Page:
Schools Seen as Virus `Petri Dish’ as Trump Pushes for Reopening
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Children can transmit coronavirus, a Johns Hopkins public health expert will tell a House select subcommittee on the coronavirus, in a challenge to President Donald Trump‘s push to reopen schools in the fall.
“We can say with confidence that outbreaks in schools are likely,” Caitlin Rivers, an assistant professor at the Department of Environmental Health and Engineering at Johns Hopkins Bloomberg School of Public Health, will tell lawmakers Thursday. Researchers don’t yet know if children without symptoms transmit the virus as efficiently as adults, she says in testimony prepared for the hearing.
Trump, in an interview Wednesday with Fox News, said children are “virtually immune” to Covid-19. Rivers will remind lawmakers that although children are less likely to die of the disease, schools are also workplaces for teachers and staff who are at higher risk of severe illness from the virus.
“Our classrooms are a petri dish,” Angela Skillings, an Arizona second-grade teacher will tell the Select Subcommittee on the Coronavirus Crisis hearing.
Many school districts this week began in-person classes for the fall semester. Others—including 12 of the country’s 15 largest districts—have rejected White House calls to reopen, opting to hold classes virtually.
Rivers will urge Congress to pass legislation to study how children spread the disease, which mitigation measures are most critical, and how to make remote learning more effective.
“That research would be helpful in refining our understanding of the risks of reopening school buildings for children, teachers, families, and the larger community,” she said in her prepared testimony. “The more we can learn about this virus, the better informed our decisions will be—and we can be sure that there will be many more difficult decisions, including those on schools, between now and when we find a safe and effective vaccine that is accessible to all Americans.”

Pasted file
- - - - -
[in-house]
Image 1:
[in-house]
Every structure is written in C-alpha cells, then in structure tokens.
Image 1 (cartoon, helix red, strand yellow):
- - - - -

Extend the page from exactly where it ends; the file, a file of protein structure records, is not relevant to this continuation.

Senators are discussing the details of another coronavirus relief package. A GOP plan released last week would provide $70 billion for K-12 schools but attach most of those funds to physical school reopenings.
Aid Sought for Schools
Robert Runcie, superintendent of Broward County Public Schools in Florida, will tell lawmakers that the district’s only option when the fall semester starts in a few weeks is an eLearning model. The state of Florida surpassed 500,000 coronavirus cases this week. The highest concentration of cases has been in Broward and Miami-Dade County, Runcie testifies.
“We simply will not risk exposing our students and staff until the coronavirus is under control,” he will say.
Absent a national plan in to assist schools at the outset of the pandemic, districts have been forced to fend for themselves to purchase personal protective equipment, his written testimony says.
Runcie wants lawmakers to pass another $200 billion in aid for K-12 schools to cover shortfalls in state and local revenue, assist with remote learning, and pay for cleaning and sanitation, in addition to other costs.
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